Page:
Sunny spirit of Strummer of Love shines through
On a rain-lashed, isolated and muddy site in the heart of the Blackdown Hills on Thursday afternoon, Strummer of Love, the festival organised to celebrate the life of punk pioneer Joe Strummer, kicked off in inauspicious style.
Camper vans were directed to a field halfway round the site and some distinctly nervous VW pilots parked themselves gingerly along the back fence, wondering if they would ever make it out.
Tent dwellers made a point of pitching at the top of the hilly site.
The site near Churchstanton is already the home of the alcohol-free Buddhafield festival and early in the planning local councils had been concerned about the sale of drink on site.
Business Cards From Only £10.95 Delivered www.myprint-247.co.ukView details
Our heavyweight cards have FREE UV silk coating, FREE next day delivery & VAT included. Choose from 1000's of pre-designed templates or upload your own artwork. Orders dispatched within 24hrs.
Terms: Visit our site for more products: Business Cards, Compliment Slips, Letterheads, Leaflets, Postcards, Posters & much more. All items are free next day delivery. www.myprint-247.co.uk
Contact: 01858 468192
Valid until: Sunday, May 26 2013
They need not have worried – the crowd imbibed with gusto, but a sweeter-natured group of old punks and new disciples could not have been wished for; and they were helped by a line-up comprised solely of friends of The Clash frontman Strummer and those he influenced.
The clouds broke on Friday afternoon as Frank Turner spectacularly opened the main stage, bringing sought-after sunshine to the soggy site.
The singer-songwriter put in a high-spirited performance and lit up The Clash City Rockers stage with his unique brand of rousing folk-punk.
Speaking after Turner’s set, festival organiser Trish Whelan said: “It’s been an incredible start to the festival with the atmosphere buzzing and everyone getting into the true festival spirit.”
That spirit – something the West does so well – was a recurring theme and everyone had a smile on their face.
Comparisons with the festival’s much bigger brother, Glastonbury, were inevitable.
“It’s all the best Glastonburys you’ve been to, all wrapped up in a big muddy ball,” said one happy camper.
“It’s like Glastonbury in 1982”, said one long-term visitor, “Who cares about a bit of mud? I’ve been running round Manchester all week getting stressed, but now I’m here, none of that matters anymore.”
Reverend and the Makers kept everything going on Friday, while Billy Bragg – the festival scene’s conscience – dedicated his set to all-girl punk band Pussy Riot, jailed that same day in Moscow, and gave a stand-out show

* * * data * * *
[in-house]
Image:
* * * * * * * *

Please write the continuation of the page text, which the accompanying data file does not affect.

Seasick Steve, the 70-year-old swamp rocker then took the stage, having enjoyed Bragg’s set by joining the crowd at the front and polishing off most of a bottle of red wine in the company of two young assistants old enough to be his grand-daughters.
His set blew away not just the clouds, but the entire site.
With the main show over by 11pm, most of the action moved up to the Strummerville campfire until dawn and beyond.
On Saturday, top billing was taken by The Pogues, with whom Joe guested on many occasions.
The Pogues were and are The Clash’s natural heirs – and despite the hard-living ways of their lead singer and presiding genius Shane McGowan, they were as tight an act as they had been in their 1980s heyday; the quality of their songs saw 50-year-old punks singing along with 16-year-olds.
An outspoken champion of the underdog, and an oft-quoted fount of congenital heart condition.
Lucinda Garland, the singer’s widow, helped set up Strummerville but now takes a back seat, crediting Ms Whelan as the guiding light behind the organisation and the festival.
“Its been a triumph over adversity,” she said: With the weather there were times when we really thought it wasn’t going to happen.
“There were all sorts of health-and-safety considerations – for a moment we thought were just going to have a few hundred people stuck in a muddy field.
“But it’s worked and it’s been fantastic.”
Sunday night’s closing headliner was old compadre Mick Jones with his all-star Justice Tonight Band, made up of himself, Pete Wylie and The Farm who were joined by Clash drummer Topper Headon – almost as close as fans could get to a reunion of The Clash.
All profits from the festival will go towards the ongoing support and development of Strummerville: The Joe Strummer Music Foundation, which was set up by his friends and family following his untimely death.